EVERYONE IS clear on the voter-ID games that have been played in Republican-controlled state legislatures in recent years. In the name of preventing ballot fraud — of which there is virtually no evidence — GOP lawmakers have enacted restrictive bills, whose purpose and effect are to disenfranchise a certain number of reliably Democratic-leaning citizens: African Americans, Latinos and low-income voters.
The most over-the-top example of voter suppression is legislation adopted in 2011 by Texas, which three federal courts have struck down. Zombie-like, it refuses to die, owing to the unembarrassed determination of Gov. Greg Abbott and other Republicans in Austin intent on resurrecting Jim Crow-style obstacles to the ballot by any means they can finagle through the judiciary.
Mr. Abbott and his ilk in other states are playing a short-term game, whose horizon — the November presidential election — is in plain sight. The longer-term game, as the white majority shrinks, may not turn out well for the Republicans. For now, however, significant numbers of black, Latino and other voters may be dissuaded from obtaining a voter ID, or even blocked from doing so in Texas or one of the other 16 states that have adopted restrictions that will apply in a presidential election for the first time this fall. Of those, 11 states are requiring specific and in some cases hard-to-obtain photo IDs.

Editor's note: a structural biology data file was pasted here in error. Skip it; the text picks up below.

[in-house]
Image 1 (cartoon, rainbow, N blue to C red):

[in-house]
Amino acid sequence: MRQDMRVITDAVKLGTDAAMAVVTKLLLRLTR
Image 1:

A federal court in Texas found that more than 600,000 residents lack the particular forms of ID now required of voters there. A federal court in the District in 2012 found clear evidence that many “working poor” residents would be unable to procure or afford an ID deemed valid, and that disproportionate numbers of them would be black and Hispanic. The evidence Texas produced to demonstrate the contrary was “unpersuasive, invalid, or both,” the court said, in an opinion by a panel that included two judges appointed by Democratic presidents and one appointed by a Republican.
It remains unclear whether the Texas law will apply in the November elections, but the Supreme Court, apparently eager for clarity by then, instructed a federal appeals court in New Orleans to render its judgment by July 20.
In the meantime, the law remains in force, as does the scandal of employing legislative gimmickry to disenfranchise Americans. An estimated 11 percent of adults in this country have no government-issued photo identification cards. To procure one in Texas, the federal court found in 2012, would mean traveling up to 250 miles round-trip for many people — a particular burden for people living in poverty.
The Supreme Court left the door open to mischief by gutting the section of the Voting Rights Act of 1965 that requires states with a history of racial discrimination, including Texas, to submit changes in their voting laws to the Justice Department for approval. That was a green light to lawmakers in Austin and elsewhere, nearly all of them white Republicans, to impose rules tailor-made to impede minority voters. Having allowed such a disgrace, the Supreme Court needs to fix it.